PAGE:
We are independent & ad-supported. We may earn a commission for purchases made through our links.
Advertiser Disclosure
Our website is an independent, advertising-supported platform. We provide our content free of charge to our readers, and to keep it that way, we rely on revenue generated through advertisements and affiliate partnerships. This means that when you click on certain links on our site and make a purchase, we may earn a commission. Learn more.
How We Make Money
We sustain our operations through affiliate commissions and advertising. If you click on an affiliate link and make a purchase, we may receive a commission from the merchant at no additional cost to you. We also display advertisements on our website, which help generate revenue to support our work and keep our content free for readers. Our editorial team operates independently of our advertising and affiliate partnerships to ensure that our content remains unbiased and focused on providing you with the best information and recommendations based on thorough research and honest evaluations. To remain transparent, we’ve provided a list of our current affiliate partners here.

What is a Sports Hernia?

Mary McMahon
By
Updated Feb 05, 2024
Our promise to you
WiseGeek is dedicated to creating trustworthy, high-quality content that always prioritizes transparency, integrity, and inclusivity above all else. Our ensure that our content creation and review process includes rigorous fact-checking, evidence-based, and continual updates to ensure accuracy and reliability.

Our Promise to you

Founded in 2002, our company has been a trusted resource for readers seeking informative and engaging content. Our dedication to quality remains unwavering—and will never change. We follow a strict editorial policy, ensuring that our content is authored by highly qualified professionals and edited by subject matter experts. This guarantees that everything we publish is objective, accurate, and trustworthy.

Over the years, we've refined our approach to cover a wide range of topics, providing readers with reliable and practical advice to enhance their knowledge and skills. That's why millions of readers turn to us each year. Join us in celebrating the joy of learning, guided by standards you can trust.

Editorial Standards

At WiseGeek, we are committed to creating content that you can trust. Our editorial process is designed to ensure that every piece of content we publish is accurate, reliable, and informative.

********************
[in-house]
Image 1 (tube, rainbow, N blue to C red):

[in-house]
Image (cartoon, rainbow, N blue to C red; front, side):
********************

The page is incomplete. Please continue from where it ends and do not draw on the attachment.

Our team of experienced writers and editors follows a strict set of guidelines to ensure the highest quality content. We conduct thorough research, fact-check all information, and rely on credible sources to back up our claims. Our content is reviewed by subject-matter experts to ensure accuracy and clarity.

We believe in transparency and maintain editorial independence from our advertisers. Our team does not receive direct compensation from advertisers, allowing us to create unbiased content that prioritizes your interests.

A sports hernia, more properly known as athletic pubalgia, is a condition characterized by a tear in the muscle along the inguinal canal, the area of the abdomen just above the groin. Athletes appear to be particularly prone to the condition because they tend to be very hard on their bodies, engaging in repetitive motion, high-speed activities, and rough sports which can damage muscle tissue. This condition is classically treated through simple rest, although it can also be treated surgically.

Technically, a sports hernia isn't a hernia at all. An inguinal hernia is a condition in which the abdominal wall weakens, allowing the intestines to protrude through it. When someone has a true inguinal hernia, a bulge at the site can be felt, and a surgical repair is required to strengthen the abdominal wall and push the herniated intestines back into place. A sports hernia does involve weakened muscles, but the muscles simply tear or pull away from the abdominal wall, and no pocket of intestines is formed.

This condition is characterized by pain around the stomach or groin. Male athletes also experience pain in the testicles. Since athletes tend to work through pain, a sports hernia can progress and become much worse before an athlete seeks treatment, and athletes also tend to go back into training too quickly, so the injury never has a chance to fully heal, and it may recur.